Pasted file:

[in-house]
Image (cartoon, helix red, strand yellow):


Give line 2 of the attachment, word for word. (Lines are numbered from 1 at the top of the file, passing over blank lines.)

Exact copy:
Image (cartoon, helix red, strand yellow):